I have been informed., that at the head of the Bay (where the cliffs are higher) there is a petrified whale bones & likewise many crabs. —

Also in this district there are many large Salinas. — In the extensive W by N & E by S section, seen North of the bay; the lines of stratification are seen to be most perfectly

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(a) I did not notice any of these modern shells, on the Porphyry gravel at the R. Negro. — But the Mr Stokes says that at P. St. Antonio, the country generally is covered with many which very probably are such as above.

(b) On one of the muscles there is the encrusting Corallina. inarticulata. with its generative paps, described at the Falkland Islands. —


1833. St. Josephs Bay (45)

parallel; but it is evident they all dip at very small angle to the Eastward. — It could only be perceived by following a line, which several miles to the west, would be some feet above the water line, from which it would gradually lower itself, till it dipped beneath the water. —

I, at that time could not credit, that whole tracts of country could be elevated with so little violence & I attributed the present relation of the land & sea, to a subsidence in the latter. — I imagined this Easterly dip. was caused by the same circumstance, which at the present day unquestionably was forming beds. beneath the ocean with the same dip (viz the gradual slope of the bottom). Now this whilst I believe in the upheaval, it appears to me that this is quite a more probable an explanation of the dip than a tilt during the elevation. —

Age of Bed. The occurrence of the great oysters at St Fe Bajada has been described. — I believe some other shells are the same. — No great similarity can be expected, as there is a difference of no less than eleven degrees in the latitude of the two places. — The mineralogical character of the beds is somewhat similar. — Salenite &c.

I have little doubt that two beds. belong to the same formation, that is formed under the same geological period, or nearly the same time. when some I have given some slight reasons for supposing that the Tosca formation in which is included the Limestone & Oysters of the Bajada & A. de tres Vivoras, is contemporaneous with the the R. Negro sandstone.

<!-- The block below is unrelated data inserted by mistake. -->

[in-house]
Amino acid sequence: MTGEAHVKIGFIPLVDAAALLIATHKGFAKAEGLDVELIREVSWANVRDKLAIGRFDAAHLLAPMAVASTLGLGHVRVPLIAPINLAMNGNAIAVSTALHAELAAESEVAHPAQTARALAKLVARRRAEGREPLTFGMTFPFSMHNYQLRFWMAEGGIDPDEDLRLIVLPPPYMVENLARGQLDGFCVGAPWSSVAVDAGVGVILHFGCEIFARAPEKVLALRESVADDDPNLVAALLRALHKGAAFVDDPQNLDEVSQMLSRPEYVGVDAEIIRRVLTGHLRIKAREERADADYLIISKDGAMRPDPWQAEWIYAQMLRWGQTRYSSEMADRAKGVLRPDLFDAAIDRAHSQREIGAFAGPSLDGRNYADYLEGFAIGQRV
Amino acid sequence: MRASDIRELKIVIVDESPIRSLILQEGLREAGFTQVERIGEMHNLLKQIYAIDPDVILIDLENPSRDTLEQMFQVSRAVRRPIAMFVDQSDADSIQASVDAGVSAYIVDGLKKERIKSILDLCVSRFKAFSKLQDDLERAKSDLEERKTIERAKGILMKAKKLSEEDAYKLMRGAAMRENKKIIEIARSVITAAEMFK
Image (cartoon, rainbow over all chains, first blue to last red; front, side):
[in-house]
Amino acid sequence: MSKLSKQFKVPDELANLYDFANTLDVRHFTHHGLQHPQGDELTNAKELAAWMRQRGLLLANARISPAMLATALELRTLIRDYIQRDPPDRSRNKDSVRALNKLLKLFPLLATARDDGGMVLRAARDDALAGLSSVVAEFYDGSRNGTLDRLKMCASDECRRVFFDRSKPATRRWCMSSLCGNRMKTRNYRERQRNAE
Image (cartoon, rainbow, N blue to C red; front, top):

1833. St. Josephs Bay (46)

If the Patagonian & Bajada beds could be proved to be of one formation, then the above reasons, would apply to show that the great Patagonean oyster formation & the R. Negro sandstone were contemporaneous. —

And this I believe to be the case. — I think the one fossil (an Anomia 1540) found at R. Negro (& my memory of a bivalve) is common to the oyster; but we have in the two layers of gypsum. (b) —

But whether contemporaneous in their depositions, we are certain, they were at the same time at the bottom of an ocean, & being then together covered by Porphyry pebbles were elevated into level plains. — I imagine the differences only to be caused by local circumstances. (entrance of river &c &c) which might well happen in a distance of more than 60 miles. —

All the above conjectures would go to show, that the Patagonian & R. Negro beds are contemporaneous & likewise that of the Tosca (with the oyster beds) or rather that the superior ones in this latter formation were deposited at the same time the gravel was spread over the R. Negro sandstone; which gravel, when it has extended, seems to to have destroyed the inhabitants of the then existing sea & that subsequently a new race appeared. — So that perhaps. the oysters of the Bajada &c may be of rather a more modern date, than those in Patagonia. —

But these oysters, although in the northern part not destroyed by the gravel inundation (a), have in all

226 verso

(a) probability long perished from the world. —

(b) The layers or beds of calcareous matter in the sandstone, would in the Patagonian formation go to create compose the immense shells of the ostrece-pectins &c &c. —